Editors’ note: We are happy to welcome Andrea Greer, a progressive activist from Houston, who will be covering women’s health, reproductive justice, and more.
What does abortion have to do with same-sex marriage? Plenty.
Obergefell v. Hodges should be the last word on same-sex marriage. Religious fringe groups, however, egged on by extremist Republicans willfully misrepresenting the law, see it as a declaration of war.
Russell Moore, president of the Ethics and Religious Liberty Commission of the Southern Baptist Convention, sounded the degüello in the Washington Post immediately following the decision:
As I write this, the Supreme Court has handed down what will be the “Roe v. Wade” of marriage, redefining marriage in all 50 states. This is a sober moment, and I am a conscientious dissenter from this ruling …The witness to marriage will be, like the pro-life movement, a long-term strategy that is multi-pronged.
What does that mean?
Here’s how the strategy has played out regarding Roe and abortion: unable to outlaw abortion outright, opponents have regulated it at the international, state, and local level in every manner imaginable, litigating every step of the way, while setting the terms of the debate in popular culture using appealing language without regard for meaning or medical facts.
What might we expect, then, extrapolating from our experience with the steady foreclosure on reproductive rights?
A legislative strategy will be a key element in their work. And it will likely shift from marriage to employment. Notice that even though Obergefell had nothing to do with the workplace, most of the commentary immediately following the decision focused on employees and religious freedom.
Speaking with NPR’s Audie Cornish the day of the ruling, Rick Scarborough, a Nacogdoches-based hatemonger, shared his fears of what will follow from it:
We don’t just conduct weddings, Audie, we have Christian schools, hospitals, soup kitchens, benevolence ministries, we reach out to AIDS victims. What we’ve historically done is enforce moral standards on those that we employ in those ministries.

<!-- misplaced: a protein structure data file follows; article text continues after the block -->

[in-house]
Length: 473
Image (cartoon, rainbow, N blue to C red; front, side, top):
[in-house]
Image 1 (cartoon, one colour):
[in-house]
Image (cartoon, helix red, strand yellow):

So, for instances, if one of the coaches in a Christian high school says to the principal: “Over the weekend, I married my same-sex partner,” what we’re urging those pastors to do is say: “well, I love you, and I wish you well, I’m going to be praying for you, but you can no longer work here.”
Well, under this new vision that the Supreme Court has dreamed up, that church will likely at least lose its tax-exempt status, but more likely, will suffer fines and jail time.
The City of Houston passed an equal rights ordinance, commonly referred to as HERO, and has been tied up in litigation ever since. Prepare for that scenario to play out in towns, cities, and counties, and perhaps at the state level in some places, over and over and over, with any law that can be imagined.
Scarborough’s interview also touched upon how his movement will draw upon, rather perversely, the language and tactics of the civil rights movement:
RS: I have a long list of about 80 leading other clerics signed to a full-page ad saying that we would civilly disobey this Supreme Court ruling.
AC: Can you detail what that would mean, that civil disobedience?
RS: Yes. It means that we’ll just keep doing what we’ve always done.
The Christian right fringe will paint itself as the victims of oppression, falling to the ground and writhing in pain while clutching its knee like any melodramatic basketball player trying desperately to turn a trip-and-fall into a foul against the other team. It almost seems the long game on textbooks naming Moses among the nation’s founding fathers is part of a strategy to tack the first amendment onto the ten commandments to give their complaints some shred of credibility.